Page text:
Death along with taxes is a certainty for everyone. Whether it is estate planning or dealing with the affairs of a loved one common sense and compassionate legal advice is a must.

What difference does having a will make?

It is important for you to make a will because if you do not, and die without a will, the rules on intestacy decide what happens to your property. The rules provide that if you are married and have children, your spouse will automatically get two thirds of your assets and your children will get one third equal between them. If you are single and have no children then your assets will go to your parents if they are still alive. If you are single and your parents are deceased, the rules on intestacy provide that your estate passes equally between all your brothers and sisters. Not only may this not reflect your wishes, but it may result in greater tax being paid by the beneficiaries.

A will can also ensure that proper arrangements are made for your dependents and that guardians of your choosing are appointed by you for your children.

What difference does having a will make?

It is important for you to make a will because if you do not, and die without a will, the rules on intestacy decide what happens to your property. The rules provide that if you are married and have children, your spouse will automatically get two thirds of your assets and your children will get one third equal between them. If you are single and have no children then your assets will go to your parents if they are still alive. If you are single and your parents are deceased, the rules on intestacy provide that your estate passes equally between all your brothers and sisters. Not only may this not reflect your wishes, but it may result in greater tax being paid by the beneficiaries.

A will can also ensure that proper arrangements are made for your dependents and that guardians of your choosing are appointed by you for your children.

The rights of Children and Spouses

Where a person dies leaving a spouse and children, the spouse has a legal right to one third of the estate, regardless of what is contained in the will. Where there are no children a spouse is entitled to one half of the estate.

In the case of a Separation, this legal right is not automatically revoked as the spouses are still married in the eyes of the law. Even in the case of divorce, while the legal right ceases to exist, the courts may make an order providing for the surviving ex-spouse from the estate if the Court believes that proper provision was not made for the estranged spouse during the lifetime of the deceased.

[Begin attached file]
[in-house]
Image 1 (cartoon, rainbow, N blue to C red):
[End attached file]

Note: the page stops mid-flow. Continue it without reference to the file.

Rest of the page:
Children by contrast have no automatic rights, however if a child feels disenfranchised by the provisions of a will they may bring an application to the courts. Known as a “Section 117” application, the courts will look to whether the testator has “failed in his/her moral duty to make proper provision” for the child. It is up to the courts to decide on whether proper provision was made in each circumstance.

If a child has worked in a family business or stayed at home to mind a relative they may also be in a position to claim from the estate of the testator.

How do you make a will?

Before you make a will you need to decide on the following;
1. What assets you have
2. Who the beneficiaries will be (i.e. the people who will receive something in the event of your death)
3. Who you will appoint as executors (two trustworthy people who will administer your estate in the event of your death)

While it is possible to draft your own will, it is generally regarded as unwise as it is an important legal document and any errors can result in a prolonged legal dispute between beneficiaries. Going to a solicitor will avoid the possibility of prolonged litigation over your estate, will reduce the possibility of beneficiaries facing a large tax burden, but more importantly will ensure that effect will be given to your wishes.

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